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Commanding the second-highest GDP per capita of all ASEAN nations, at $40,979 in 2014, Brunei Darussalam remains one of the most advanced economies in the South-east Asian region. This is in large part due to the Sultanate’s well-developed energy sector; however, with oil and gas prices falling substantially from mid-2014, new efforts are being made to increase the efficiency of production and diversify the economy to ensure future stability and sustainability.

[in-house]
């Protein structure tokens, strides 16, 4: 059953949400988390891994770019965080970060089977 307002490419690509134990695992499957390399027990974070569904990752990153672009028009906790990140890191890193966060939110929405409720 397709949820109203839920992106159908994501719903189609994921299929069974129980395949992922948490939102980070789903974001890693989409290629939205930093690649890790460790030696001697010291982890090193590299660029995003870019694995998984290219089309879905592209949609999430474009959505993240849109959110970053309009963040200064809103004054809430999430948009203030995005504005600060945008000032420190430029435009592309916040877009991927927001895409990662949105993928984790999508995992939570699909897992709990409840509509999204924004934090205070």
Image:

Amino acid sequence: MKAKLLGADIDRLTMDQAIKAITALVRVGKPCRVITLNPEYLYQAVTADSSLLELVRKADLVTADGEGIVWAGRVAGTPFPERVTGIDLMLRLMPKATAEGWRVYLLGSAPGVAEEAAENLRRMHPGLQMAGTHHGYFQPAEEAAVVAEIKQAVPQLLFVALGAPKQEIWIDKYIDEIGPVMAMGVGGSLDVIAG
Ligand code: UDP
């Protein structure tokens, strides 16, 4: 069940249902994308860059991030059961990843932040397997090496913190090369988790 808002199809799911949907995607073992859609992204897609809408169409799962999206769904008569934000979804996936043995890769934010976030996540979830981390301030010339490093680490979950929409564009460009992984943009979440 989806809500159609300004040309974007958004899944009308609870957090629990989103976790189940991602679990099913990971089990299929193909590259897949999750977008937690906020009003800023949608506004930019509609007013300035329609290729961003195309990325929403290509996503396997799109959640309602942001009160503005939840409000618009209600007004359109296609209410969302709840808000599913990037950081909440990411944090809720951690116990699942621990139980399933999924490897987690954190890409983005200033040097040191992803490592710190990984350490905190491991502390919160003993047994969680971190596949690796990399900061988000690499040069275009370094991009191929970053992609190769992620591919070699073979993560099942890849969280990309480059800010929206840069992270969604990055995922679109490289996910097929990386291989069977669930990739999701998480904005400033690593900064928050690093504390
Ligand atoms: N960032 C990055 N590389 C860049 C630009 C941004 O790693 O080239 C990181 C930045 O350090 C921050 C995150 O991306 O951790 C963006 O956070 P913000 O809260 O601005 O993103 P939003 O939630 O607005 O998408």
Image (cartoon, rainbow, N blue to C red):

What do you think is driving the growing infrastructure gaps throughout emerging and developing economies in Asia?
A combination of tighter fiscal planning, a gradual increase in hydrocarbons prices and an improved performance by some non-oil sectors saw Brunei Darussalam shake off two years of contraction and lay the foundations for stronger growth in 2017.
Government revenues have declined as a result of the global oil market slowdown, and the 2016/17 budget reflects this. However, moves to increase foreign investment and support economic diversification also factor into the government’s spending plans, with non-oil growth becoming increasingly critical, as evidenced by allocations to education...